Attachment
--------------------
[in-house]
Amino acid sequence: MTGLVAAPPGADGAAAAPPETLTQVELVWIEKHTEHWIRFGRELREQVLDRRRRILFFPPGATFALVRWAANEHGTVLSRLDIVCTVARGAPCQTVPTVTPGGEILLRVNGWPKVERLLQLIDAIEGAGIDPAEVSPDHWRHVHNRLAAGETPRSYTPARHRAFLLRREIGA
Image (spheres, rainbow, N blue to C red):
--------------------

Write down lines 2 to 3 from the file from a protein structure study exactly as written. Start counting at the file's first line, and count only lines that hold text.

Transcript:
Amino acid sequence: MTGLVAAPPGADGAAAAPPETLTQVELVWIEKHTEHWIRFGRELREQVLDRRRRILFFPPGATFALVRWAANEHGTVLSRLDIVCTVARGAPCQTVPTVTPGGEILLRVNGWPKVERLLQLIDAIEGAGIDPAEVSPDHWRHVHNRLAAGETPRSYTPARHRAFLLRREIGA
Image (spheres, rainbow, N blue to C red):